Shuck and Jive

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Thursday, October 12, 2006

Adam, Eve, and the Serpent

The story of Adam and Eve and the expulsion from the garden has been dubbed "the Fall" in Christian theology. But is the story really about that?

Elaine Pagels wrote a brilliant book,
Adam, Eve, and the Serpent. She wrote about the myth of Adam and Eve and the subsequent traditions that have interpreted this myth in Christian theology.

Read a review here.

Genesis 2:4(b)-4:16 is the story of Adam, Eve and the Serpent. This story is the product of the Jahwist or (J) writing between the 10th and 8th century BCE. This story predates the first creation account, Genesis 1:1-2:4(a), written by "P" in the 6th century BCE. A careful reading reveals a seam in Genesis 2:4. Even in English you can pick out the different writing styles between "P" and "J". The point is that the earlier creation account began with Genesis 2:4b.

For an interesting account of J, read Harold Bloom's
The Book of J

J's creation story begins with the creation of adam (which means ground or earth) from the dust of the earth (adamah). The Lord then plants a garden, Eden, and places the adam. Then the Lord out of the ground plants trees and food to eat including the tree of knowledge of good and evil. The Lord commands the adam not to eat of this tree, "for in the day that you shall eat of it you shall die.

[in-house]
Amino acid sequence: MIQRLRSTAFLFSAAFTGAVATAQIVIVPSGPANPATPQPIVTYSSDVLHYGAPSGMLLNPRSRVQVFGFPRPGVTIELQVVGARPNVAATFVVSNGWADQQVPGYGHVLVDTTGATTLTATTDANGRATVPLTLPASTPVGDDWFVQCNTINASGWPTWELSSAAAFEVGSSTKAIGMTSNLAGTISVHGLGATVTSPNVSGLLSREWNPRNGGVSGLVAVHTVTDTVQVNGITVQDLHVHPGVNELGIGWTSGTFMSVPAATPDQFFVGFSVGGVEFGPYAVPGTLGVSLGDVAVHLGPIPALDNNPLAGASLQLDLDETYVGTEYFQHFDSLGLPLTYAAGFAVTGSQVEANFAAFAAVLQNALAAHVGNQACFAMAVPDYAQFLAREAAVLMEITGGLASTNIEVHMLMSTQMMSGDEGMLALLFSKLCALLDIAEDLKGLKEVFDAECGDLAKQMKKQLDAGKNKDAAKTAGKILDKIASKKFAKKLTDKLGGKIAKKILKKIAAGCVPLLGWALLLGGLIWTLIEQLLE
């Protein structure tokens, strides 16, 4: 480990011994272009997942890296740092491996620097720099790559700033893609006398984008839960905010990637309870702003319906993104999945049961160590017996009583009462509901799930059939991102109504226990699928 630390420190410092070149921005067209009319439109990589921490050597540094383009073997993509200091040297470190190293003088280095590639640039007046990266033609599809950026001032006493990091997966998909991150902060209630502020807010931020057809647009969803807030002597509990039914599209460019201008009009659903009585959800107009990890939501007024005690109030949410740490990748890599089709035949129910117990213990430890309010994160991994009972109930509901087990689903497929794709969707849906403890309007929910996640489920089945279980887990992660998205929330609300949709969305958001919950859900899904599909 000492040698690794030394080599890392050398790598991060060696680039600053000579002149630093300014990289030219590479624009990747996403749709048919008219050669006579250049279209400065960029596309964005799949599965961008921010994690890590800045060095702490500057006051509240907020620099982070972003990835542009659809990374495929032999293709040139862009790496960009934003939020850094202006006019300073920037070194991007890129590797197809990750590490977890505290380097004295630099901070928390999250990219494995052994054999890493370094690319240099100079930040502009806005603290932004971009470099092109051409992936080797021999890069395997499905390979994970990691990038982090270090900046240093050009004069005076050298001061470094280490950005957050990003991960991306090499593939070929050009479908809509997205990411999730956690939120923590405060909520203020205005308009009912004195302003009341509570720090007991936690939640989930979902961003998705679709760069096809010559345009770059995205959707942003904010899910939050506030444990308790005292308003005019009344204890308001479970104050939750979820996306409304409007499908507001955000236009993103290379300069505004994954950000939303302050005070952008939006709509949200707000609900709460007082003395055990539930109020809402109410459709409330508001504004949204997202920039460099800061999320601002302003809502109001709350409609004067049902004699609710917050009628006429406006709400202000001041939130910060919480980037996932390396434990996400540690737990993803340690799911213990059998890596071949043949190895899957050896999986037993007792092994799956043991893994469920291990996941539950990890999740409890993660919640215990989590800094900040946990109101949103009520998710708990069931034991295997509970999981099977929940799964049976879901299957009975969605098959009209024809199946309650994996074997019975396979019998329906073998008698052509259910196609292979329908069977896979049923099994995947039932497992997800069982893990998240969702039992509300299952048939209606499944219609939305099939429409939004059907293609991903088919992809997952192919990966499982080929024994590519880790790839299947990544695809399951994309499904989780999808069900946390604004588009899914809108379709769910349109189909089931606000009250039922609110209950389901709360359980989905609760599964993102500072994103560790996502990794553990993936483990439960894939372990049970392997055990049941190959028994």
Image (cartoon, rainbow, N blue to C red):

The Lord decides that the adam needs a partner. The Lord then creates animals, but none are suitable as a partner. The Lord makes the adam fall asleep and from his rib creates a woman. The adam likes this plan. "Therefore a man leaves his father and mother and clings to his wife, and they become one flesh." (SEX)

Michelangelo's Temptation and Fall from the ceiling of the Sistine Chapel.

Enter the serpent, wily and crafty, and convinces the woman to eat of the tree of knowledge of good and evil. She eats, gives some to the adam and he eats. "Then the eyes of both were opened and they knew that they were naked."

They cover themselves with fig leaves. No hiding from the Lord, though. He comes for his evening walk looking for them. He finds them and they are in trouble.

The adam blames the woman who blames the serpent who is cursed first by the Lord. Then the woman is cursed with "increased pangs in childbirth" and the adam is cursed with having to work for a living.

The adam names the woman, Eve, mother of all living. The Lord sews garments for them.

Then an odd turn. The Lord becomes introspective (or converses with the other gods) and realizes that these two cannot stay in the garden because if so, they could eat the tree of life (immortality) and be like the gods. So the Lord drives them East of Eden and places guards at the gate.

Adam Workin' for a Livin'